• Difficulty: Moderate/difficult
  • Type of landing: Dry and wet landings

Return to the Angel for dinner.

Day 3: Isabela: Vicente Roca Point – Fernandina: Espinosa Point (B,L,D)

Vicente Roca Point

Vicente Roca Point, featuring two distinct coves, is a sprawling bay renowned for its extraordinary marine biodiversity. As you explore its azure waters, look for captivating encounters with seahorses, graceful sea turtles, and the peculiar yet fascinating Mola mola, also known as the sunfish.

Snorkelling here offers a mesmerising opportunity to witness these remarkable sea creatures in their natural habitat, adding an unforgettable dimension to your Galapagos adventure.

  • Highlights and animals: Penguins, blue-footed boobies, terns, Nazca boobies, two types of sea lions, sea turtles, rays and puffer fish.
  • Activities: Snorkelling and dinghy ride
  • Difficulty: Easy/moderate
  • Type of landing: No landing

Return to the Angel for lunch.


Espinoza Point

Traversing the Bolivar Channel, which separates Isabela and Fernandina Islands, our journey leads you to Espinoza Point.

Upon arrival, venture past a bustling colony of marine iguanas and a playful group of sea lions. The highlight of your exploration awaits. The nesting site of the flightless cormorant, a unique spectacle found on the island. As you marvel at these remarkable birds, keep your eyes peeled for the majestic Galapagos hawk sightings, adding to this extraordinary experience’s richness.

  • Highlights and animals: Flightless cormorants, marine iguanas, lava, sea lions, penguins, and the active volcano “La Cumbre.”
  • Activities: Hike (approximately 1.2 miles / 2 km)
  • Difficulty: Moderate
  • Type of landing: Dry landing

Return to the Angel for dinner.

Day 4: Isabela: Tagus Cove – Elisabeth Bay (B,L,D)

Tagus Cove

Tagus Cove, situated on Isabela Island, is just across from Fernandina Island, near the Bolivar Channel that separates the two.

This historic site has been a favoured anchorage for ships since the 1800s, lending an air of maritime heritage to the area. Explore the network of trails winding alongside Lake Darwin, leading you up to a ridge where you’ll be treated to panoramic views of the surrounding landscape. Tagus Cove promises a journey through natural beauty and rich historical significance, offering a glimpse into the storied past of the Galapagos Islands.

  • Highlights and animals: Penguins, flightless cormorants, Darwin Volcano and Lake
  • Activities: Long hike, snorkelling, panga ride, kayaking (depending on weather conditions
  • and time availability).
  • Difficulty: Moderate/difficult

Type of landing: Dry landing

Return to the Angel for lunch.


Elisabeth Bay

Elizabeth Bay, nestled along the eastern coast of Isabela Island, is a haven for exploration.

Its picturesque bay is adorned with numerous islets, inviting visitors to explore by dinghy.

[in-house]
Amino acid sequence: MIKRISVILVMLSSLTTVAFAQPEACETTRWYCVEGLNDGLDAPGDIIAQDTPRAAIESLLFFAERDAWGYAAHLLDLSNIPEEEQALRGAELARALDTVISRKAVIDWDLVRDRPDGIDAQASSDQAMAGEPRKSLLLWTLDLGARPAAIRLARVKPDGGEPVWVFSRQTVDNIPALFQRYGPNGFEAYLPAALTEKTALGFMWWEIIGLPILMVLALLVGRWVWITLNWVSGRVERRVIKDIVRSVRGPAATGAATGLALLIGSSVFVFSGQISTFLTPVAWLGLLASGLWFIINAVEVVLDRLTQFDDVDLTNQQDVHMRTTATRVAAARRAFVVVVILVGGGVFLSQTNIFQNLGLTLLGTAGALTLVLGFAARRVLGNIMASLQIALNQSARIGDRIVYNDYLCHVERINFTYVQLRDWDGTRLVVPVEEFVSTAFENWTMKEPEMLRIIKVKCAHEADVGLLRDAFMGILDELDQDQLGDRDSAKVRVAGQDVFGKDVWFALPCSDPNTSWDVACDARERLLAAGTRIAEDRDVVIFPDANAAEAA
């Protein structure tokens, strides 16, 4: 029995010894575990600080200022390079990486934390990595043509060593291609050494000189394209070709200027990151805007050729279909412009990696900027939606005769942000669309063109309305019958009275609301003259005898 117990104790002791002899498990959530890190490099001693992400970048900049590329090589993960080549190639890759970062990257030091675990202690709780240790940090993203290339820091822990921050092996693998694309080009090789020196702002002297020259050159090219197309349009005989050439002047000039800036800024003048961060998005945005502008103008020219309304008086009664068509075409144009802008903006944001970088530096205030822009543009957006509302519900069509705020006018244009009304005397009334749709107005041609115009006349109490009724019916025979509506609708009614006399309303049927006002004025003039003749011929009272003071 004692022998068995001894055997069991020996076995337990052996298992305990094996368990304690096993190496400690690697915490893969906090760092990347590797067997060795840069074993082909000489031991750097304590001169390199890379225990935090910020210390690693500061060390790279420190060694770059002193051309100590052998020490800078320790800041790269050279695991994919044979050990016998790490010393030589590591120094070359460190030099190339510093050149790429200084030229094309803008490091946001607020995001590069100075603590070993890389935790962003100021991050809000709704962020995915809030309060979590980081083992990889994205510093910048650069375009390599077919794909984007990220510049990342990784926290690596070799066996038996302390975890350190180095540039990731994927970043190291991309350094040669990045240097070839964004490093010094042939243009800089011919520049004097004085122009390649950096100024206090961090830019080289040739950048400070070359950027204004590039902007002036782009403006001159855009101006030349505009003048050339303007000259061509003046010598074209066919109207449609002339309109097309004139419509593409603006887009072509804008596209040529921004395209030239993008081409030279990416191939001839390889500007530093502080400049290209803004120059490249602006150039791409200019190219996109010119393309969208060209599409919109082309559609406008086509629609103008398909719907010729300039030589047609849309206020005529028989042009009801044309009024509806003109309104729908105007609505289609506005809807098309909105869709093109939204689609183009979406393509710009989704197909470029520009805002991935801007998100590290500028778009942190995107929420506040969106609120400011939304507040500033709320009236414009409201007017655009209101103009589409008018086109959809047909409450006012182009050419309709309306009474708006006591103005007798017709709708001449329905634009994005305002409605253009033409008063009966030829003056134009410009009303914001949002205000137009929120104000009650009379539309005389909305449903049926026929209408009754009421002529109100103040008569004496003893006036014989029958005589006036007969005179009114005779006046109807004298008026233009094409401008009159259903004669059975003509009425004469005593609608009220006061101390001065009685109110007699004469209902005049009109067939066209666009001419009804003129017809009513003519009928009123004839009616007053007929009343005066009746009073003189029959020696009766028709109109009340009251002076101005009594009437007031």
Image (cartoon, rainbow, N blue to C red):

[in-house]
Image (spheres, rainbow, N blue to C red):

Keep your eyes peeled for charming penguins and charismatic blue-footed boobies perched on the rocky islets, adding to the scenic beauty of the area. Dive into the clear waters for an immersive snorkelling experience, where a plethora of marine life will greet you. Marvel at the kaleidoscope of colourful fish and playful sea lions, and, if you’re lucky, catch a glimpse of majestic sharks gliding gracefully beneath the surface.

  • Highlights and animals: Mangrove forest (unique in Galapagos), sea turtles, penguins, rays, herons and sea lions.
  • Activities: Hiking (1.5 miles / 2 km) and dinghy ride
  • Difficulty: Easy/moderate
  • Type of landing: Wet landing

Return to the Angel for dinner.

Day 5: Isabela: Urbina Bay – Moreno Point (B,L,D)

Urbina Bay

Urbina Bay sits at the foot of Alcedo Volcano along the western shoreline, nestled between Tagus Cove and Elizabeth Bay.

A significant geological event unfolded here in 1954, propelling the land upwards by over 16 feet. The coastline extended by half a mile, leaving marine creatures stranded on the newly formed shore.

Additionally, this spot offers excellent opportunities for snorkelling adventures.

  • Highlights and animals: Land iguanas (the biggest in the Galapagos), hawks, coral reef, giant tortoises: snorkelling: turtles, rays, tropical fish
  • Activities: Snorkelling, dinghy ride and hike, two trails: short (0.6mi/1 km), long (1.9mi/3km)
  • Difficulty: Easy/moderate
  • Type of landing: Wet landing

Return to the Angel for lunch.


Moreno Point

Moreno Point lies to the southwest of Elizabeth Bay. Here, you can step onto dry land that was once molten lava. The hardened lava surface now boasts intriguing craters that have transformed into crystalline tide pools.

Peering into these pools reveals a mesmerising underwater realm where marine creatures gracefully glide past your view. Expect to encounter pink flamingos, white-cheeked pintails, and common gallinules among the brackish pools.

With a keen eye, you might even spot white-tip reef sharks and sea turtles gracefully navigating the waters.